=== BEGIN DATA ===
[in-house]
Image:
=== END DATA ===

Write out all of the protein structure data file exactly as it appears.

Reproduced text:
[in-house]
Image: